The Rescuer (Kindle Single) Kindle Edition
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Or in this day why people go into war torn countries to work as volunteers. To be their own type of rescuers.
Dara Horn writes a fascinating essay as to why some people become rescuers, such as those who worked to save Jewish writers, composers, musicians, and artists from the Nazis, and why some do not. She explores the story of Varian Fry, a person unknown to me, who worked with the Emergency Rescue Committee in France to save such individuals as Chagall, Hannah Arendt, Marcel Duchamp, Max Ernst, and Franz Werfel. She interviewed LeChambon who conducted extensive interviews of his own to find out why Fry risked his life to save others. He decided that rescuers had a strong sense of self, and they were secure, happy people. Horn questions thT
True, the essay focuses on Varian Fry, an idealist American who volunteers to travel to occupied France to help leading artists, composers, writers and intellectuals of the day escape the spreading horrors of the Nazis. But Horn goes beyond the mere facts of Fry's heroism to pose the question of what makes a "rescuer," someone who puts his own life at risk to save others. She also ponders the psychology of the rescued as well, many of whom were indifferent to Fry after their escape to America. And what about the morality of deciding who is worthy of being spared while millions of others were ground up in the Nazi death machine? Horn poses that issue also in the brief essay.
I have to admit that when Amazon first started publishing Kindle Singles I had my doubts. Who, after all, would want to purchase just an essay or short story? Now I regularly scan the titles published as Kindle Singles. I've read some fascinating pieces of journalism, essays and fiction in the Singles format and Horn's The Rescuer is one of the most provocative titles I've encountered. It resonated with me long after I had finished and left me wishing the Single could have been a far longer work. But in the meantime I will content myself with re-reading the essay, certain that when I do fresh insights will pop out at me.
This is a true story of Varian Fry, an american who was sent into Marseille, France in 1940 to try to rescue intellectuals from then Nazi occupied France. Marseille unoccupied, but was controlled during this time by the Vichy government who ruled under the direct thumb of Nazi occupied northern France. Varian Fry and his associates at the Emergency Rescue Committee (ERC) during thier time of operation (1940-41), were able to save 2000 people from extermination in German concentration camps.
What is somewhat unusual about the story is that almost no one knows of this man, despite his deeds of heroics. It was author's intent to discover why... she talked to several people and read as many articles and interviews she could find to try to glean a little more information about this man and his life (before, during and after the war).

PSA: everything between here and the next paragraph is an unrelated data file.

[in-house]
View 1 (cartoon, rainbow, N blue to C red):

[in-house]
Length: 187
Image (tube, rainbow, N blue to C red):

Some revealing findings about his personality... it appeared that Fry was difficult to get along with most people and as a result had few friends, had a labile temperament, had trouble holding jobs (when at home) both before and after the war, and had two unsuccessful marriages.
In her investigation she is confronted with some disturbing facts.
1.) the premise of the ERC was to try to save the intellectuals... prevent the best brains in Europe from falling into the wrong hands. Most of who were classified as undesirables, and were thus destined for extermination. As a result many 'normal' people were rejected from being 'saved' because they weren't famous enough.
2.) the lack of gratitude on part of those saved towards the 'rescuers'. Many interviews of now famous and successful persons who were rescued, when asked about this period of their lives, consistently omit the merest mention of this feat of heroics or a simple thank-you to those that risked their lives for them.
One can only surmise that his (Fry's) unpopularity, his general unlike-ability must have rubbed off on those being rescued in some way. But still, it's hard to believe that you could so annoy those you were saving that they'd completely forget you afterwards. Yet the facts remain, and this 'trend' of forgetting him, somehow speaks volumes.
3.) and maybe most revealing, at least about Varian Fry own story, was the fact that there appeared to be more than just 'righteous' intentions in his desire of leading the ERC in their rescue efforts. Apparently he'd volunteered for the job so he could associate with those intellectuals and artists who he really admired. He felt his period in Nazi controlled France in the early 1940s was the best time of his life. It's as if he was doing all the right things, but not necessarily for all the right reasons.
Cover Art...rather simplistic, yet somehow completely appropriate and effective for the telling of the tale found between the covers.
An interesting account of one of WWII little known rescuers. In addition to providing some intriguing facts on this unusual man, we learn many tidbits that give us some insights into the political goings-on of this era.
As it is...5 Stars